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Conversations with the Goertmanns

Family Histories of the following older parishioners and friends of Immaculate Conception Parish in Chelyabinsk, Southern Urals district, Russia, and its mission parishes are being recorded in a series of "Conversations" by Sister Alice Ann Pfeifer with Sister Mary Elise Leiker, her interpreter and interviewer. 

Frederick Goertmann (born 1922) and Agatha Mare Goertmann (born 1924)

by Sister Alice Ann Pfeifer, C.S.A. with Sister Mary Elise Leiker, C.S.A.

© Copyright 1997, Congregation of the Sisters of St. Agnes, Fond du Lac, Wisconsin, all rights reserved

Why didn't 72-year-old old Agatha Goertmann want us to come to her house? What would we find there - untold poverty and everything in disrepair, a cruel or drunken husband, a son or daughter with a shameful mental or physical condition? These questions lingered in our minds as we walked her home from church one cool and bright Sunday in October [of 1996].

The week before, Agatha had readily consented to an interview with us, but then she had hesitated a bit when she learned that our practice was to go to our subjects' homes rather than to have them come to ours. "Are you sure you don't want me to come to your house?" she had asked. "Yes," Sister Mary Elise assured her. "We will understand your life so much better if we can be with you in your own home."

The Home of Frederick and Agatha

Agatha's street looked like many of the little German neighborhoods we had seen in our part of Chelyabinsk. "Do many Germans live on this street?" Sister Mary Elise asked as we turned left from Prokatnaya Street. Not anymore, we were told. Before, Spiesses, Rohrs, Beckers, and other German families had lived in this neighborhood, but now the Goertmanns were surrounded by Russian and Tartar neighbors. The Germans who had not already died had migrated to Germany.

As Agatha led us though her front gate, I spotted a nice-looking car beside her house. No, we are not about to encounter a situation of desperate poverty, I thought to myself. When Agatha opened the front door for us, her husband quickly descended upon us from the kitchen where he was frying bacon. After precursory introductions all around, he whisked our coats off the hook where we had just placed them. "Those hooks are for work clothes," Agatha quietly explained.

We were then taken to the living room on the far end of the house, where her husband joined us. It didn't take long to notice that Frederick was an energetic man with a sharp and curious mind and an equally sharp tongue. Although Agatha had told him about us in advance and about the general purpose of our visit, there was obviously much more that he wanted to know before we could proceed.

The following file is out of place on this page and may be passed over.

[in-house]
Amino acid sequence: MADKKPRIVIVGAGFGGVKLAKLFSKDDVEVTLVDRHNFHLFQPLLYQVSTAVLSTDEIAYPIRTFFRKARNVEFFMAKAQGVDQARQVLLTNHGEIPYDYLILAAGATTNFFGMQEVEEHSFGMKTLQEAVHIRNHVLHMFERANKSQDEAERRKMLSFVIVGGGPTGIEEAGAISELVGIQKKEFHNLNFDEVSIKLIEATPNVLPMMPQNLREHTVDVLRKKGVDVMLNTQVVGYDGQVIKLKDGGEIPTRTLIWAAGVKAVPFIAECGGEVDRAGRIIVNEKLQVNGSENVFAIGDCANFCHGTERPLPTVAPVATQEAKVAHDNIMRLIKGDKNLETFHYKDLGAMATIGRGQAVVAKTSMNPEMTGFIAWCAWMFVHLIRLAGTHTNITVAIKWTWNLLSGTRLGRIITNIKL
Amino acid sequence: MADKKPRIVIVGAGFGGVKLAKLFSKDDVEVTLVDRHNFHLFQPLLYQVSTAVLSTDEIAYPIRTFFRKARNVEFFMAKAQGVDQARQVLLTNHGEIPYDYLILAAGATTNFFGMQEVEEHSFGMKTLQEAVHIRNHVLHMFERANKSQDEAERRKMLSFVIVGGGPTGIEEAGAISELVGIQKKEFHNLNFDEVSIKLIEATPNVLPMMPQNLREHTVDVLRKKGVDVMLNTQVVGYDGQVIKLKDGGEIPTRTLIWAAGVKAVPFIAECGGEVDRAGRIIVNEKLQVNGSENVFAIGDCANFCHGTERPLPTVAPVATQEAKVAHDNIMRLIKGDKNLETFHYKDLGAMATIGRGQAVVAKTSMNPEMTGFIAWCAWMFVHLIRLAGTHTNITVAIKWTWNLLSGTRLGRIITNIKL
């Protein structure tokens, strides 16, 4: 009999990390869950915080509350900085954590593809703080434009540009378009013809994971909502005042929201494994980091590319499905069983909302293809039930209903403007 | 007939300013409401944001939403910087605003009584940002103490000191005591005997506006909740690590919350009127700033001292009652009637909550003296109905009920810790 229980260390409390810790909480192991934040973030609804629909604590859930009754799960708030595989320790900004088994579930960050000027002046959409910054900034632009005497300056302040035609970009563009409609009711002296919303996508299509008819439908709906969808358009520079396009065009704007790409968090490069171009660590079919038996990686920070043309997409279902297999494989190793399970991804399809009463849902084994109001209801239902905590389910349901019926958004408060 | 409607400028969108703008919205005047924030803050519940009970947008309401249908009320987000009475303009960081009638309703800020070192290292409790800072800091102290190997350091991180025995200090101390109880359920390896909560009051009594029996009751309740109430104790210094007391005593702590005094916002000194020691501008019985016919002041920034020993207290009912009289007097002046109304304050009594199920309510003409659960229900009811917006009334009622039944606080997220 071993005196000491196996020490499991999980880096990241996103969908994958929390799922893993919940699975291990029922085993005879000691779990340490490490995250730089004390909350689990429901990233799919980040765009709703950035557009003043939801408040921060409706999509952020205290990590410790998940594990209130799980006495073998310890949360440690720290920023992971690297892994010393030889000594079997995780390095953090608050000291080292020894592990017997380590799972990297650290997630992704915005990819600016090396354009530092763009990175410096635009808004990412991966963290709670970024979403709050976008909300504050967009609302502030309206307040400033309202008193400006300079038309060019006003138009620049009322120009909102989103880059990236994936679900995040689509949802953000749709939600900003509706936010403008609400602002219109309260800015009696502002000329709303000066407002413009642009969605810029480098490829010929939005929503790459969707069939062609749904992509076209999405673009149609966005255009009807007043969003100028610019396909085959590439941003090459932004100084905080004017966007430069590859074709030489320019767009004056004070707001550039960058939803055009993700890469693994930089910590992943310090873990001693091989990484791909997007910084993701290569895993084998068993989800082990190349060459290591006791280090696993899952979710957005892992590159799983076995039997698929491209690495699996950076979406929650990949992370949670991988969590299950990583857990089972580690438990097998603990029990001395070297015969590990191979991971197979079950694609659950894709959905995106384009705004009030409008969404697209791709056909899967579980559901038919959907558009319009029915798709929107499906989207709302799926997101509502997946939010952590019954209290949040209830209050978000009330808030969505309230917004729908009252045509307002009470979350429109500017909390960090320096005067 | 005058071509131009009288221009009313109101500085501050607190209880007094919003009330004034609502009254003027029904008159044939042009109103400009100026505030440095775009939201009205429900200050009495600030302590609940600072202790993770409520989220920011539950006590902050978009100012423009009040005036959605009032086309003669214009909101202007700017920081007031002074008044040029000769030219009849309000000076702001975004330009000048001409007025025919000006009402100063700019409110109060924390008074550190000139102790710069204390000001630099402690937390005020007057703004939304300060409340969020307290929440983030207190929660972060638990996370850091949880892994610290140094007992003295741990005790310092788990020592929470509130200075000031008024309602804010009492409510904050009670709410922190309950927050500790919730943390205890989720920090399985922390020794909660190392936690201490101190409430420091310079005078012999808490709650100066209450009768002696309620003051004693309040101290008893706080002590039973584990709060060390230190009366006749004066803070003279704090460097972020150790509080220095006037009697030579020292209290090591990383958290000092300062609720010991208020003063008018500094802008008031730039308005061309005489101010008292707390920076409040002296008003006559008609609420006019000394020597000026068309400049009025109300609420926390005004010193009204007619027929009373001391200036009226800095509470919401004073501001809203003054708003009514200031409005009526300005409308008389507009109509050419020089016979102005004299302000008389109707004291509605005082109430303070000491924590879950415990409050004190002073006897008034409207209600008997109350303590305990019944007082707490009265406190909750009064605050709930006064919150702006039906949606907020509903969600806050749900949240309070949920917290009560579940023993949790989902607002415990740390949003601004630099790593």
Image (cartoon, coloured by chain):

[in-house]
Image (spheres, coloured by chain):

As Sister Mary Elise answered his questions in the Volga German dialect that both of them could speak with ease, I quietly followed my usual routine of beginning to snap candid photographs of the people in the room. Because nearly every Russian whom I have ever met warms up to a camera as fast as an infant returns a smile, I almost jumped out of my shoes when I suddenly heard Frederick bark, "Das ist genug! (that is enough!)" I had taken only three pictures of him. I glanced at his face and there wasn't a trace of a smile. This man meant business. Was he the reason Agatha had not wanted to bring us into her home?

Further into the conversation, I understood enough German to know that Frederick wanted to know my age. It soon became evident that he had asked because I looked too young to be retired and if I wasn't retired, why wasn't I working at a "real job" like everyone my age? I was in a pickle. I decided that I would try to speak for myself, using my scant knowledge of Russian to communicate, instead of relying on Sister Mary Elise to speak for me in German.

I would not, I decided, launch into any explanations about Catholic sisters to a man who clearly had little knowledge of his wife's religious traditions and beliefs. I would not call myself a student, either, even though taking private Russian lessons had been consuming the lion's share of my time in Russia. No, I thought, I was here for an interview, and I would simply tell him that I am a journalist.

Wrong decision. No sooner were the words out of my mouth than he wanted to know where my credentials were. Why should he believe that I am a legitimate journalist? Maybe I am a spy! Maybe I am carrying a concealed tape recorder! The longer he spoke, however, the harder it became for him to hide a little smile forming at the corners of his mouth. Soon he shifted his attention from me back to Sister Mary Elise, and the two of them conversed in German again. But his wife so frequently interrupted him with one simple Russian word, "Khvatit! - meaning, "Enough!" - that I eventually understood he was, purely and simply, "a card"! 

He was saying all kinds of things, often in a feigned harsh tone, just to see what kind of reaction he would get. Soon all of us were laughing openly at many of the comments, but whenever it seemed as though he was crossing the boundaries of good taste, "\Khvatit!" again erupted from his wife's mouth - then a high-pitched little laugh that reminded me of the laughter that teachers try to suppress whenever they are disciplining a class clown who really is, after all, quite funny.